The Cardinals would take 2 of 3 from the Braves.  Ray Sadecki would pitch one of his typical 1964 wins in the opener.  A rough inning would give the Braves an early 4-0 lead, but the Cardinals chipped away at it, inning by inning.  A 2 run homer by Ken Boyer would cut that lead in half.  A solo shot by Bob Uecker (yes, that Bob Uecker) would cut it again in half.   Ken Boyer would later double and score on a wild pitch to tie the game.   The Cardinals would win another walk off when Bob Uecker (yes, that Bob Uecker) singles home Julian Javier in the ninth.

Bob Gibson would throw another dominating game the next day, but a Wade Blasingame shutout in the finale prevented the Cardinals sweep.

No change in the standings.  Are the Brewers Phillies ever going to lose again ?

September 4-6 Chicago at St. Louis, 4th place, 7 1/2 games out

Forget the NL pennant race, this is Cubs vs Cardinals.  More important than that, this is Lou Brock vs Ernie Broglio.   While this series didn’t appear to have any impact on the standings, a pair of late inning comebacks may have saved the season for the big club, and Brock played a part in one of them.

Perhaps the most exciting play in the 1964 season came in the series opener.   The Cubs had taken an 8th inning 5-4 lead, and looked poised to win the game.   How many times have we seen this same thing happen to the Cardinals in recent years ?  But the ’64 team was a plucky bunch, and were not to be defeated this easily.

With 2 outs in the bottom of the 8th inning, singles by Mike Shannon and pinch hitter Bob Skinner put runners at the corners.  Dal Maxvill replaced Skinner on first base, and that proved to be an important decision by manager Johnny Keane.  Dal Maxvill had great speed, although not known as a base stealer.  He did steal a base here, and when he did, Mike Shannon broke off third to complete a successful double steal.   The Cardinals just stole victory away from the Cubs, although that would have to wait for a few more minutes, and some late inning heroics from another Cardinals favorite.

With two outs in the bottom of the ninth, Ken Boyer steps up to the plate with 2 runners on base.  If there was ever a Cardinal who could deliver a big hit, it was Boyer, and what a big hit this was.  The 1964 NL MVP delivers a three run walk-off home run to give the Cardinals an 8-5 win.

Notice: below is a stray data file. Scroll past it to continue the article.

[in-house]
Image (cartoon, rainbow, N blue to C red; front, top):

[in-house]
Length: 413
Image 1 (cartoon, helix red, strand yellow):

The Cardinals were unable to overcome an 8 run second inning off Mike Cuellar in the second game, although a 4 inning outburst in the bottom of the ninth made it seem closer than the 8-5 score indicated.

That set up an exciting series finale, and Abner Doubleday had to be smiling because Ernie Broglio would be on the mound for the Cubs.  Although he had been somewhat of a disappointment for the Cubs following the mid-season trade, he would pitch well enough in the game to earn a win, if not for some late inning mishaps from former Cardinals reliever, Lindy McDaniel.  Ray Sadecki and Barney Schultz both had problems with the long ball, but an errant pickoff throw from McDaniel in the 7th and a huge RBI single by Bill White with 2 outs in the ninth sent this game in to extra innings.

That’s when the other half of the “big trade” came up…. “big”.

In the 11th inning, still facing Lindy McDaniel, Tim McCarver would lead off with a single.  Keane decides to leave Bobby Humphreys in the game, and let’s him bunt McCarver into scoring position (Keane’s pitchers could lay down a bunt, unlike most of the current roster of Cardinals hurlers).  McCarver would move to 3rd on a ground out by Curt Flood, bringing Lou Brock to the plate.   Brock sends the huge crowd home screaming with a single, scoring McCarver with the game winner.

Three very exciting games to be sure, but they all appeared to be for nothing as the Phillies kept pace.   At least the Giants were beginning to fade as they dropped into a third place tie with the Cardinals after their series.

September 7, Cincinnati at St. Louis, 3rd place, 7 1/2 games out

A pair of earlier rain outs set up this most interesting double header with the second place Reds.  If the Cardinals can’t make any progress on the Phillies, maybe they can at least close some of the gap with the Reds.

Bob Gibson took the mound in the opener and was spectacular.   A 2 run homer by Ken Boyer in the third, followed by a solo shot by Cardinal’s nemesis, Deron Johnson, set up an exciting top of the ninth inning.  A pair of doubles by future Cardinals catcher Johnny Edwards and Leo Cardinas ties the game at 2 runs each.   As brilliant as the pitching had been for the first 8 1/2 innings, the final few minutes of this game were among the ugliest the Cardinals would see all season.

Reds reliever Bill Henry would start things off by walking Bill White.  He would then throw two pitches past Don Pavletich, who had just coming into the game as a pinch hitter.   That proved to be the difference in the game as the Cardinals catcher, Tim McCarver singled, scoring White easily from third base.  Another walk off win.

It almost seems impossible, but the second game would also feature a walk off win.  With the score tied at 2 runs each, Tim McCarver would start things off in the ninth with a single.  He would be forced at second base on a ground out by Julian Javier.  In hindsight, the Reds might have wanted to keep Javier off the bases instead of McCarver.   That’s because Javier would soon steal second base, getting into scoring position.   With a huge crowd on their feet, roaring, Curt Flood delivers the key hit, scoring Javier with the game winner.   Another 3-2 walk off win for the Cardinals.

A huge day for the Cardinals as they gain ground on everybody in the standings.   Cincinnati falls back to 6 1/2 games out and it is now a three team tie for second place.

Things are getting very interesting.

Tomorrow, we will look at the remainder of the season when an 18 game road trip proved to be just what the Cardinals needed.   At this point, however, the wins all seemed to be futile as they were still 6 1/2 out, and the remaining games were counting down very quickly.

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3 Responses to A Different Look at September 1964 – Part 1

  1. Pingback: A Different Look at September 1964 – Part 2 | On the Outside Corner

  2. Pingback: October 1, 1974 – The End of an Era | On the Outside Corner

  3. Pingback: The Top 5 Iconic Moments in Cardinal History « Diamond Diaries